Aryan Tauqeer reviews Once Upon a Time in Calcutta, Aditya Vikram Sengupta’s cinematic letter to the city of Kolkata.
Earlier last year, the incumbent Bharatiya Janata Party (BJP) in India aroused controversy when an advertisement praising the party’s development of Uttar Pradesh province featured the Maa flyover in the city of Kolkata (West Bengal). The error (or malicious misrepresentation, as it could alternatively be viewed) came under fire for reasons all too obvious, but it also raises the question of how the term “development” is construed in the first place. Towering infrastructural achievements like the Maa flyover are perhaps the clearest representation of progress, but such developments are always targeted toward fulfilling the needs of a particular group of people, and some people are always left behind, unable to hold onto the rails of the train of “progress” bulldozing everything in its way. Aditya Vikram Sengupta’s Once Upon A Time in Calcutta is a tapestry of urban life woven by a Kolkata native that situates the city’s denizens as inseparably connected to its material architecture.
In constructing the narrative arcs of an ensemble of Kolkata’s residents, Sengupta hones in on a crumbling theatre as its focal point. Surrounded by a ring of seats, a lone wooden platform, subject to the appetites of termites, stands alone. A stray cat awakens from a slumber on one of the seats, yawns and trudges out of the theatre, leaving it without its sole audience member. Television host Ela, a key figure tying together multiple fates in this ensemble, briefly alludes to its history whilst conversing with a friend in the middle of the Hooghly River; the theatre was once a perpetual packed house, where her mother, a cabaret dancer, would sell out shows every night. Now, it exists as a mausoleum of memories at the bottom of the housing complex that Ela resides in with her husband, Shishir. In documenting these shared spaces, Sengupta’s approach is remarkably disaffected, in that it does not necessarily strive to locate beauty or grace in its surroundings. Instead, it is content to observe as Shishir walks their dog and does laundry, whilst Ela conspicuously leaves a world of distance in refraining from speaking to him. This formal asceticism extends to its script, which is largely composed of procedural descriptions of tasks and responsibilities to be fulfilled. Another resident of this shared space, Raja, occasionally descends into the theatre to discuss the deteriorating conditions of the house with Bubu, who is its unofficial “manager”.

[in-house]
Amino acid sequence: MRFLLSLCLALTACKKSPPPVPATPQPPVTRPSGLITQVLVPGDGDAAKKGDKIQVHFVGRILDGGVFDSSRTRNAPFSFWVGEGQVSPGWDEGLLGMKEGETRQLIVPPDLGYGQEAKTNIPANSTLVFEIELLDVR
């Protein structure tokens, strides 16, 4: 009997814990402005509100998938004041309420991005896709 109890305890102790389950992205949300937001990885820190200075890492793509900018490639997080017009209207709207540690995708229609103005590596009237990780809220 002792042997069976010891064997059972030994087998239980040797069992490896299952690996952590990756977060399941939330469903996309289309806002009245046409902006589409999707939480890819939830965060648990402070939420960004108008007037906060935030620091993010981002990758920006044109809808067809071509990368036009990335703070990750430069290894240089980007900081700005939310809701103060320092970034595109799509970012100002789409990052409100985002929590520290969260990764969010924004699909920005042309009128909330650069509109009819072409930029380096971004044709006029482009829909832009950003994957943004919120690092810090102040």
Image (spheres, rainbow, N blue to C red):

In centering these characters around the theatrical space and using its history of performance as a conduit to explore the everyday performances enacted by its characters, the film recalls Tsai Ming-Liang’s Goodbye, Dragon Inn. Like that film, Sengupta’s urban portrait configures the ”death” of a theatre as a reflection of the aging of its inhabitants, as well as using the focus of the venue (a rising platform here, a cinema screen there) as a way of locating the commonality of melancholy among those occupying it. One of these performances is that of Ela’s, who finds in two men- one a friend, and another a benefactor- an escape from the confines of domesticity she clearly has great disdain for. This infidelity is never the source of histrionic emotional conflicts between those involved in it, and is instead situated as one of the many necessary adjustments one needs to make in order to keep up with the speed of progress in Kolkata. Simultaneously, Raja’s profession requires him to collect deposits for a shady investment firm from those seeking an escape from poverty. Both Ela and Raja construct narratives of necessity to negotiate any ethical qualms- morality is a luxury that can only be afforded by those whose livelihoods are not dependent on the whims of others. Yet, among this portrait of disaffected exploitation, Sengupta locates some semblance of affection- when Raja and his father are evicted by Bubu on the shaky grounds that they are conspiring against him, the former’s customer-oriented demeanor shatters, giving way to unbridled rage. Sweeping emotional currents and disaffected acts of exchange therefore exist on the same continuum.